When we take a solemn survey of what we are daily and hourly – of what we have been, say, through the past week – what vile thoughts, sinful desires, and base lusts – what vanity, inconsistency, engrossment in business, love of the world – in a word, what base workings of a depraved nature we have had, must we not plead guilty? Perhaps the guilt of these things now lies on the conscience; but shall they operate as insuperable, impassable barriers? When the Lord says. "Look unto me, all the ends of the earth." And the soul is enabled to do as the Lord invites, does it not see Jesus as its wisdom, righteousness, sanctification, and redemption? and does not this bring comfort to the poor, guilty backslider once more? Does not this encourage him once more to draw nigh? Does not this break the heart of the most stubborn, and draw, as with a cord of love, the poor wretch who can see nothing in himself but a mass of defilement?
If we know, by painful experience what it is to be at "the ends of the earth," the Lord does not say, "Heal yourselves, make yourselves better." He does not give us a long list of duties to be performed, or of observances to be attended to; and when we have done this, and performed that, and made up the tale of bricks in full number and weight, He will look upon us. But the Lord speaks to us in our sad condition: "Here you poor, guilty, wretched backsliders; you that have nothing but sin and guilt; you that cannot bless, save, or comfort yourselves; look unto me." He does not say, "Do this, and then I will appear; help yourselves a little, and then I will come down to help you;" but He says to us, as we are in our filth, guilt, and shame, "Look unto me;" and as He speaks, He gives the power. And no sooner do we look, than we are saved by the look, blessed by the look, healed by the look. So that all we have to do is to look to Him, as He speaks. It is true, indeed, that He Himself gives power to do it, for "without him we can do nothing." To behold by the eye of faith His glorious Person, atoning blood, justifying righteousness, and dying love, will do us more good, and bring into our hearts more true peace, than we could get elsewhere in a thousand years.
Now, to know these mysteries by divine teaching, is to know what vital godliness is. What is vital godliness? To make myself good and holy; to make myself religious and serious, and a decidedly pious character? Such husks may satisfy swine, but they will not satisfy a living soul. What must I do, then, to make myself better? Nothing. Can I, by any exertion of creature will or power, change my Ethiopian skin, or wash out my leopard spots? But when the soul lies at "the ends of the earth," and the Lord says to it, "Look unto me," "thou art complete in Me, saved in Me, holy in Me, and accepted in Me;" all the barriers between God and the guilty conscience fall, the darkness flies away, the distance is removed, and the soul, black in itself, is manifested as comely and acceptable in the sight of God. To be spiritually led into this mystery, to go on increasing in the knowledge of it, and to feel day by day less and less in self; to become more foolish, weak, and powerless; and yet, as poor, needy, weak, and helpless, to be drawing supplies out of Christ's fullness, and to live a life of faith on the Son of God – to know something of this, is to know something of what true religion is; and to know a little of this, will make a man more outwardly and inwardly holy than all the good works or pious resolutions in the world.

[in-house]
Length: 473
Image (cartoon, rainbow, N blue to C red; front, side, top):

Perhaps there may be present here some of these poor wretches at "the ends of the earth;" doubting, fearing, and almost at times despairing, whether mercy can ever reach their souls. Now are you not secretly looking to find something good or holy in yourselves? Is there not some dim hope and expectation of becoming by and by a little better and holier? All this secret leaven of self-righteousness must be purged out; and you may have, under this operation, to sink lower, and yet deeper and deeper into the slough and filth of your vile nature. But there is this comfort for those who feel they can do nothing, that all that is to be done is what the Lord does in us; all that is to be felt, is what He works by His Spirit in us. This is the sum and substance of all salvation and all holiness; Look unto Me, and be ye saved, by what I have done and suffered.
There is no other way for health, salvation, pardon, peace, and deliverance to come into our souls; for He is God, and there is none else. There is no other salvation, no other Saviour; no other way of escape from the wrath to come, but by looking unto Him as He enables us, believing on Him as He empowers us, and leaning upon Him as He works in us that which is well-pleasing in His sight. Though you may now seem to yourselves to be at the very "ends of the earth," the Lord sees you there; and He says unto such, "Look unto me, and be ye saved, all the ends of the earth." Ye are not out of the reach of Mine arm, nor the sight of Mine eye, "for I am God, and there is none else." And thus, sooner or later, are all the elect manifestly saved, and experience the sweet testimony and blessed revelation of it in the heart and conscience.
Is it not a mercy to be weaned, emptied, and purged from creature righteousness, natural piety, and a long list of creature duties, not one of which we can properly or acceptably do? Is it not a mercy to have nothing at all to do, except simply what the Lord does in us and for us, and to look to Him in whom salvation is, and from whom salvation comes? O what a rest and respite for a poor guilty wretch, laboring at doings and duties, and by them all only increasing his guilt, to feel and find that all is done for him, and that he has nothing to do but take it; that the feast is provided, and all he has to do is to banquet at it; that atoning blood has been shed, and all he has to do is to feel the power of it; that salvation is finished, that all that is to be done is done already; and all this is freely given "without money, and without price;" freely communicated and brought into the conscience by the operation of God, that He may have all the glory first, and all the glory last, that we may have all the profit and comfort that He can bestow. What a sweet and blessed way of salvation this is to a poor wretched sinner!
How much is contained in those words, "It is finished!" Everything, then, needful for a sinner's salvation is already done for him; the whole work is accomplished, and everlasting salvation brought in; all that remains to be done (and the Lord does that, or it never would be done at all), is, for the sinner to receive it into his heart, and live under the blessed unction and power of it.
May this be our soul's happy experience. May we, even from "the ends of the earth," then be enabled to look unto Him, and know that He is God, and none else. Thus may we continually come to Him, believe in Him, and rest on Him, as all our salvation, and all our desire.